Continue reading “How will quantum communication change life?” »

Aug 13, 2016

Consciousness Lives in Quantum State After Death Physicists Claim

Posted by in categories: computing, neuroscience, particle physics, quantum physics

Hmmm.


Testimonials from prominent physics researchers from institutions such as Cambridge University, Princeton University, and the Max Planck Institute for Physics in Munich claim that quantum mechanics predicts some version of “life after death.”

They assert that a person may possess a body-soul duality that is an extension of the wave-particle duality of subatomic particles.

Continue reading “Consciousness Lives in Quantum State After Death Physicists Claim” »

Aug 13, 2016

Is Quantum the Future of High-Performance Analytics?

Posted by in categories: computing, particle physics, quantum physics

If you think quantum computing sounds like something out of science fiction, you’re not alone. It’s still more theory than practice, but it might be able to answer questions that are unsolvable by current computers. Earlier this year, IBM made a small quantum computer available via the cloud.

Quantum Mechanics and the Weirdness of Particles

To understand quantum computers, you must first know a little bit about quantum mechanics. In the briefest possible description, quantum mechanics is the branch of physics that models how particles behave at the smallest scales.

Continue reading “Is Quantum the Future of High-Performance Analytics?” »

Aug 13, 2016

Meet the Reactors Accelerating Us Toward Fusion Energy

Posted by in categories: humor, nuclear energy, particle physics

The old joke about fusion is that it is 30 years from becoming a reality — and that’s been the case for the last 50 years or more. It’s a joke that may quickly be reaching its sell-by date.

And a good thing too. The promise of fusion is near-unlimited energy that produces almost no waste.

Continue reading “Meet the Reactors Accelerating Us Toward Fusion Energy” »

Aug 12, 2016

NASA’s Fermi mission expands its search for dark matter

Posted by in categories: cosmology, particle physics

Dark matter, the mysterious substance that constitutes most of the material universe, remains as elusive as ever. Although experiments on the ground and in space have yet to find a trace of dark matter, the results are helping scientists rule out some of the many theoretical possibilities. Three studies published earlier this year, using six or more years of data from NASA’s Fermi Gamma-ray Space Telescope, have broadened the mission’s dark matter hunt using some novel approaches.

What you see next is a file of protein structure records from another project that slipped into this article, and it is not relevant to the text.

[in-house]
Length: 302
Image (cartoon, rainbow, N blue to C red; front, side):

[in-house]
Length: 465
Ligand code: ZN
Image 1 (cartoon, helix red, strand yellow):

“We’ve looked for the usual suspects in the usual places and found no solid signals, so we’ve started searching in some creative new ways,” said Julie McEnery, Fermi project scientist at NASA’s Goddard Space Flight Center in Greenbelt, Maryland. “With these results, Fermi has excluded more candidates, has shown that dark matter can contribute to only a small part of the gamma-ray background beyond our galaxy, the Milky Way, and has produced strong limits for dark matter particles in the second-largest galaxy orbiting it.”

Dark matter neither emits nor absorbs light, primarily interacts with the rest of the universe through gravity, yet accounts for about 80 percent of the matter in the universe. Astronomers see its effects throughout the cosmos—in the rotation of galaxies, in the distortion of light passing through galaxy clusters, and in simulations of the early universe, which require the presence of dark matter to form galaxies at all.

Continue reading “NASA’s Fermi mission expands its search for dark matter” »

Aug 11, 2016

LHC-style supercolliders are entering a make or break phase

Posted by in categories: particle physics, space

As the Large Hadron Collider’s first sign of a superparticle melts away, physicists must contemplate their nightmare scenario, says Gavin Hesketh

By Gavin Hesketh

Particle physics finds itself in testing times. This branch of science aims to describe the universe by pulling it apart into its most fundamental building blocks, or particles, and putting them back together in a way that explains how everything works.

Continue reading “LHC-style supercolliders are entering a make or break phase” »

Aug 10, 2016

Cooling stars hint at dark matter particles

Posted by in categories: cosmology, particle physics

Well, what about all the other stars that do *not* show this behavior?